Bleak Midwinter

Bleak Midwinter When plague breaks out in Oxford no one is safe Gripping novel from the author of Stealing Thunder

  • Title: Bleak Midwinter
  • Author: Peter Millar
  • ISBN: 9780747557517
  • Page: 174
  • Format: Paperback
  • When plague breaks out in Oxford no one is safe Gripping novel from the author of Stealing Thunder

    One thought on “Bleak Midwinter”

    1. Bleak Midwinter by Peter Millar opens with a beautiful woman being murdered as she sunbathes by a hitman called Harold Hammerstein who aims to 'reduce her golden suntanned flesh to steak tartare'. He also 'grabbed hold of the elegant, gold-chained ankle [because despite being set around 2000 this supposedly stylish sophisticate sports accessories last seen in 1986] and pulled it to one side. Viciously. Leaving her legs splayed open at an obscene angle."If you're thinking that this all sounds lik [...]

    2. I really wanted to like this. I really did. I picked up this book because the author has my uncle's name and I was currently studying the plague bacteria in microbiology. I figured it'd be a perfect fit for me.Unfortunately, I was never really able to get into the author's writing style and found myself growing bored quite often. I finally forced myself to finish the book last night and i must stress the word force. (view spoiler)[ One of the characters is just killed off, no explanation, no sub [...]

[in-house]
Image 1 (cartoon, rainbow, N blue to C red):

3. I did like the book but it was after a promising start became a rather formulatic thriller and I felt its characterisations were sacrificed for the kind of action you'd find in a film. The book is made up of short chapters, each of a different scene and while this did work to give a sense of speed in which events were taking place, it did feel choppy. One departure from and one addition to the 'cast' also seemed very poorly handled and I had wondered if my copy was missing a couple of chapters. [...]

    4. The plot – farfetched and melodramatic in places – was only alright. The writer’s style was okay; he could never be accused of being avant garde. His use of metaphor also became repetitive too – he seemed particularly obsessed with the phrase (already hideously overused in the media) the ‘rape of the countryside’ which, while I appreciate the problems behind it, I find people tend to use lazily and because it sounds intelligent. Suffice it to say, it sounded less intelligent the 103r [...]

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